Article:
Another peer leader, Lizabeth T. Ronquillo, conceived an exercise she dubbed "Body Geometry." Ronquillo is a chemistry major in her senior year at UTEP.
During her training to become a peer leader, she recalled, "I knew that a lot of students have a hard time discerning the difference between molecular and electronic geometry when they're studying the shapes that molecules make. So, I said, 'There's got to be something that we can do aside from drawing pictures and playing with models.' " That's when it popped into her head that people themselves would make good models, particularly for hydrocarbons, where carbon predominates. "We have one belly button, which could be the central atom, and we have four limbs, and that's the same way that carbon bonds," she explained. Then she expanded the concept to work with other types of compounds.
Someone demonstrating the electronic structure of water, for instance, would stand with one leg in front and one in back, with arms raised overhead in a V. The student's belly button would represent the oxygen atom, feet would be the hydrogen atoms, and each hand would be a lone pair of electrons.
THE FUN BEGINS with more complex molecules. "A sulfur atom can make six bonds, and nobody has six limbs," Ronquillo said. It takes the students a while, but they eventually figure out that they can use two people to represent a molecule such as sulfur hexachloride. If the students stand back to back, their heads would be one chloride atom, their feet would be another, and their extended arms would be the other chlorides.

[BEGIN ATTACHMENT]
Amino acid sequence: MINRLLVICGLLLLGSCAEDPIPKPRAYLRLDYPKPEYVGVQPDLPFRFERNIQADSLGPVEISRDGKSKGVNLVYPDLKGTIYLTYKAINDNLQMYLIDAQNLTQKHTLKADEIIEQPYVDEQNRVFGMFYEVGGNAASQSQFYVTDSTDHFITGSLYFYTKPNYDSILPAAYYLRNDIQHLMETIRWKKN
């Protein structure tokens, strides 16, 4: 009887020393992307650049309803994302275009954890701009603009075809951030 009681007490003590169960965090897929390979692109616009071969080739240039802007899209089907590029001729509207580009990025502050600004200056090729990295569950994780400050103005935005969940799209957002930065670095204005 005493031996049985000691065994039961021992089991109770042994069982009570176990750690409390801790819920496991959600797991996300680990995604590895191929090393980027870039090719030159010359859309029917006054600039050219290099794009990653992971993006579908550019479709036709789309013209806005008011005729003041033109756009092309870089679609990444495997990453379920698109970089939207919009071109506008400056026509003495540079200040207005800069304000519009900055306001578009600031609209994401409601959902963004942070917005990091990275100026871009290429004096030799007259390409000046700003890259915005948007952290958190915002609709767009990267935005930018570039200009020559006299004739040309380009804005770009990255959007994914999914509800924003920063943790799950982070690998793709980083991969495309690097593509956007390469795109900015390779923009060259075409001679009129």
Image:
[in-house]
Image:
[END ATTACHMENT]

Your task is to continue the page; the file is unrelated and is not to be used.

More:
The students get into the spirit pretty quickly, Ronquillo said. After writing the Lewis structure for a molecule, they race to be the first to show their classmates the molecule's Body Geometry. "It becomes a contest," she added. "It's a lot of fun. Students are pulled into this. It's better than sitting down and having a study hall or just going home and studying by yourself."
Ronquillo is spreading the word to other schools. This winter, she and two other peer leaders—Cesar Ramirez and Lela Ruck—went to CCNY, which runs a PLTL program for chemistry students using its weekly workshops to go through a workbook. "We went over there to present how we play games in our workshop," Ronquillo told C&EN. "We had CCNY peer leaders, peer leader trainees, and a few faculty members get up and do Body Geometry and a couple other games. They were so excited, and they thought it was an awesome idea."
These exchanges, and the program as a whole, pay off for the peer leaders themselves. The experience shows the team leaders that "they can stand on their own two feet and make presentations," Becvar said. "They are, in fact, budding professional teachers," he added. The program has had what Becvar called an unexpected but significant benefit: an increase in the number of students who consider high school teaching as a career. About 10% of the peer leaders who have gone through the Plus Two program are now teaching high school chemistry—at least double the prior number.
The Plus Two program has also worked wonders for the peer leaders' students at UTEP. In the nine years since the introduction of the program, Becvar said, the percentage of students who pass the first-semester general chemistry course with a grade of A, B, or C has risen from 53% to about 65%. And more students are sticking with chemistry as a major. The number of B.S. degrees awarded in chemistry per year has risen from an average of 10 to more than 30.